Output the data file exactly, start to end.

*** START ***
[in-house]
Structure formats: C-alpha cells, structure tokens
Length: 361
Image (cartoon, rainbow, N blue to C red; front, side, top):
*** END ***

[in-house]
Structure formats: C-alpha cells, structure tokens
Length: 361
Image (cartoon, rainbow, N blue to C red; front, side, top):